Magdalena Jackiewicz
Editorial Expert
Magdalena Jackiewicz
Reviewed by a tech expert
Grzegorz Wierzchanowski
Technical Architect

The complete guide to technical debt management: best practices for future proofing your new apps

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Technical debt can have a huge impact on the long-term success and sustainability of applications. Today's digital landscape is evolving faster than ever: technologies continue to advance and companies strive to deliver more innovative and competitive software products. Amid these conditions, technical debt can accumulate fast, impeding operational agility, scalability, and overall software quality. The pandemic, which accelerated the digital transformation in many companies, has further exacerbated these detrimental effects.

A survey conducted by McKinsey indicated that about 30% of companies allocate over 20% of their budgets to combat the effects of technical debt. This not only hampers their ability to focus on further product development, new features and enhancements, but also diminishes a company's ability to remain innovative and competitive in a fast-paced market.

This doesn’t have to be the case, however. According to Gartner, those companies that approach technical debt management in a systematic and active way can deliver results up to 50% faster. In this article, we share the tried-and-tested tips for managing technical debt to maintain software quality, improve development efficiency and, ultimately, deliver robust and reliable software products that stand the test of time.

What is technical debt?

Technical debt is a metaphorical concept that describes the consequences of choosing suboptimal solutions at the expense of long-term code quality and maintainability. It represents the cumulative effect of design or implementation decisions that may be detrimental to future development efforts, increase the likelihood of bugs, or impede system performance. In the simplest terms, it refers to outdated code that won’t stand the test of time.

Technical debt entails compromises made during the development process, often dictated by deadlines or the need for quick solutions, which result in less-than-optimal code or architectural design choices. Similar to financial debt, technical debt accumulates interest over time, manifesting in the form of increased maintenance costs and reduced development speed. Just as financial debt can hinder an individual's financial freedom, lack of technical debt management can limit an organization's ability to adapt and innovate, impeding its growth and competitiveness.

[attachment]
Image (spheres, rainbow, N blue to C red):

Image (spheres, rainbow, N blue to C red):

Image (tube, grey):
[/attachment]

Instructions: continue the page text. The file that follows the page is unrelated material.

Examples of technical debt

A lot of tech debt issues result from the lack of knowledge and experience of the developers. Here are the most common examples of technical debt:

  • Code smells: this term is used to describe poorly structured or convoluted code that is difficult to read, understand, or modify.
  • Duplicate code: refers to the instances of repeated code blocks or even entire functionalities, which may lead to maintenance challenges and increase the likelihood of errors.
  • Lack of documentation: if the documentation isn’t maintained on a regular basis it will eventually become outdated or simply insufficient, which can make it challenging for developers to understand and maintain the codebase.
  • Inadequate testing: insufficient or inadequate testing coverage creates a greater risk of undetected bugs or regressions, which contribute to technical debt.
  • Deferred refactoring: postponing necessary code refactoring or clean-up activities will ultimately increase complexity and reduce maintainability of code.

Other examples of tech debt include:

  • Outdated dependencies: failure to update or manage external dependencies will leave the system vulnerable to security breaches or can create compatibility issues. This is a very common example of technical debt .
  • Performance bottlenecks: ignoring performance optimizations can result in slow or inefficient system behavior. Such bottlenecks are likely to exacerbate the problems in the future.
  • Workarounds and hacks: quick fixes or temporary solutions that deviate from established best practices may introduce complexities or create issues as you scale up or embark on introducing new features.
  • Implementation savings: intentional compromises on code quality oriented at meeting other priorities. This is a very common example of technical debt that has been incurred strategically.

Causes of tech debt

There are several factors that can contribute to the accumulation of technical debt. Consider the following:

Time constraints

One of the primary drivers of technical debt is the pressure to meet tight deadlines. When faced with time constraints, development teams often resort to quick-fix solutions or take shortcuts to deliver functionalities within the timeframe. These shortcuts, although expedient in the short term, can lead to suboptimal architectural choices and code quality that ultimately result in technical debt.

Lack of knowledge

Technical debt may also arise due to a lack of knowledge or understanding of best practices, industry standards, or long-term consequences of certain development decisions. Developers may also be unaware of more efficient approaches or lack the necessary expertise to implement them, which also creates technical debt.

Tech advancement

This kind of debt is impossible to avoid. As new tools, frameworks, and libraries emerge, they may simply render parts of the code as outdated. Or, developers may be tempted to adopt those new solutions without fully understanding them or how to ensure they’re compatible with existing systems. This can result in poor integrations, code dependencies, and increased maintenance efforts, which all lead to technical debt.